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Strong and vigorous, or weak and tremulous

Posted Nov 15 2011 12:00am
Imagine feeling great when it’s cold outside.  To warm up you get in the baths or the sauna.  You sweat, you drink lots of water, you detox.  You come out feeling warm and less toxic, and the effect lasts for several hours.  If you’re lucky, the desert sun warms the chaise lounges by pool enough to lie outside in your bathing suit until 3 or 4 pm.  You make dinner with a floodlight if the weather is clear.  If rainy, you find a restaurant.  After dinner, you walk down to the pools and sauna once again to combine detoxification with relaxation. 

After you disconnect the air [un]freshener in the public restroom, the smells no longer bother you.  You climb into your tent and slip under down quilts and flannel sheets, fall asleep right away, and in the morning, wake feeling rested.  It’s 6 am.  You throw on a sweater or jacket and watch the rosy fingers of dawn lift the sun into the sky.  In a short while, it’s warm enough to remove your jacket and replace your wool socks with flipflops.  You heat water for breakfast tea on your Coleman stove, make eggs or hot cereal or gluten-free French toast, and still feel good enough after breakfast and clean-up to do something.  You know you have CFS but you don’t feel sick.  On the contrary, you feel strong and vigorous. 

It’s only when you do something more strenuous, taking a 1.4 mile hike through a nature preserve in the desert, that you experience your limitations.  In the past, 1.4 miles would have flashed “DON’T WALK” in large red letters in your awareness.  But since you’ve been feeling so good, you think you can handle it.  It’s 7:30 am and still cool.  The sky has filled with light gray clouds.  The path has more downhill and uphill than you expected, and the desert sand is often as soft as the sand on a New Jersey beach.  You tire when you reach your destination, lie down on a picnic bench for 20 minutes, and conserve your energy on the way back to the car by walking in silence.  Still, after eating breakfast and going to the pools, you feel fine at the end of the day.  PEM is no longer your shadow!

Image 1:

So you find yourself wanting more.  You believe you’ll feel better as you release more toxins.  You’ve seen Dr. Rea and Dr. Hope, both of whom said you’ll become less reactive as you become less toxic.  And your naturopathic training has taught you that removing toxins facilitates self-healing.  The toxins, whether mycotoxins or xenoestrogens or pesticide residues mess up hormones and neuropeptides in addition to creating inflammation.  With a lower toxic load, neuro-endocrine-immune functions will work better.

Consequently, you visualize yourself in a little house with tile floors or marble floors, a covered patio and lots of windows.  Outside it is warm and sunny.  In the house you can keep your things organized, your refrigerated meds at easy access, your nebulizer hooked up.  You imagine doing your coffee enemas and CSM on schedule, reading at night in bed, and making food on an electric stove.  You decide to try four walls and a roof once again before you give up on the great indoors and escape to summer in S. America, Hawaii, or the Caribbean islands. 

Your first stop is an RV dealer.  The sizes and prices vary greatly.  Your husband wants to transport a trailer behind his 6 cylinder F150, which means you have to find something lightweight and small.  You look at several 16 to 19’ trailers and find them all depressing.  They’re fine for a short camping trip, even a month or two in the summer.  But you know living in them for 4 winters months will not work out well.  Besides, the new ones still smell of formaldehyde and the old ones could have mold, since older RV’s are notorious for getting roof leaks and growing mold.  Many MCS, CFS and EI people buy them and strip them to remove any materials that outgas and grow mold.  But you have no place to do that, and can’t wait 6 months for a place to live.  Besides, the idea of living in an RV park inside an 8 x 15’ space is hard to digest after living in an overly large house.  And so you return to your tent.